Notes from the Small Press 6: Ed Pinsent's Illegal Batman and Jeffrey Brown's Wolverine: Dying Time

Notes from the Small Press 7: The Comix Reader #1

Notes from the Small Press 8: A Help! Shark Comics Gallery

Notes from the Small Press 9: Some Gristavision Comics by Merv Grist

Notes from the Small Press 10: Some Sav Sadness Comics by Bob Lynch

Notes from the Small Press 11: a Review of Illegal Batman in the Moon

Notes from the Small Press 12: The Sky in Stereo by Mardou

Notes from the Small Press 13: First by Tom Gauld and Simone Lia

Notes from the Small Press 14: Planet 4, a Monitor Story by Chris Reynolds

Notes from the Small Press 15: Spandex #7 by Martin Eden

Thursday 9 January 2014

My Journo Mum: Dr. Finlay's Casebook at the BBC, and Morecambe & Wise, in Woman's Mirror, Mid-1960s

Having spotlighted my bob-a-dance dad's starring role in a Picture Post feature, it would, I feel, be remiss of me not to make at least passing mention of my mum's magazine adventures too – in her case behind the scenes, as a writer for Woman's Mirror magazine from 1963 to 1967 (before me and my sister came along and ruined her life). Mum did a sterling job scanning the Picture Post piece, so I got her to scan a couple of her old article as well, both of which she thinks date from 1964/65, before she married Dad – hence the byline of Jill Bury rather than Jones. Here's one about a visit to the BBC to witness the filming of Dr. Finlay's Casebook:

Click on the images to enlarge. And here's an interview with comedy legends Morecambe and Wise:

I remember Mum showing me this one before – and recalling how, true to form, Eric Morecambe never stopped cracking jokes when she met him – but I don't think I've seen the BBC one previously, nor many others of her articles – which, given that I myself was at one time a magazine writer (and editor), is astonishingly incurious of me. (What was that I said in the Picture Post, er, post about being an ungrateful bastard...?) Indeed the BBC one reminds me of a piece I wrote about Orbital appearing on Later... with Jools Holland at BBC Television Centre. As penance, perhaps I should dig that article out, and some others too, scan them (barely any of my magazine work is available online, dating, as it does, mostly from the 1990s), and present them for the soon-come Existential Ennui thousandth post. That should be a suitably deflating and embarrassing way in which to celebrate my millennial.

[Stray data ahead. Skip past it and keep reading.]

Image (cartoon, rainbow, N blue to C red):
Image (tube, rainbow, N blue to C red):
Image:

Tuesday 7 January 2014

My Bob-a-Dance Dad: Ballroom Dancing for Hire in the Picture Post, 30 June, 1951

Here's something I nabbed on eBay over the festive period:

The 30 June 1951 edition of Picture Post. Not the sort of thing I normally buy on eBay, I must admit – after all, as the subtitle, not to mention the substance, of Existential Ennui attests, I tend to collect old books, not old photojournal magazines – but I had a particular reason for picking this issue up, to do with the article on pages 20–23:

"Bob-a-Dance Men Wait to Be Asked". The feature spotlights an intriguing innovation in Britain's dance halls at the time, the male hired dance partner. Hired dance partners – taxi dancers in American parlance – had been around since the early twentieth century, but by and large they tended to be female; the male variety was much more uncommon. So when the newly opened Lyceum Ballroom in London introduced them in the early 1950s, they exerted a certain fascination, as evidenced by this Picture Post piece. These "bob-a-dance men" – so named because they charged a shilling, or a bob, a turn round the dancefloor – were obliged to remain in "the Pen" at the Lyceum – a closed off area guarded by a lady with a cash box – until their services were required. They weren't allowed to leave the Pen, or ask anyone to dance themselves – they could only be asked – but they could read if they wished, or drink coffee, or just sit and wait.